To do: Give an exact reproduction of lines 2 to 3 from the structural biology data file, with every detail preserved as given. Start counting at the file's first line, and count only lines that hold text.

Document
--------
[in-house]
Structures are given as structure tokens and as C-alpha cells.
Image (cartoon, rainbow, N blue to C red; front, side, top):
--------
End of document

Structures are given as structure tokens and as C-alpha cells.
Image (cartoon, rainbow, N blue to C red; front, side, top):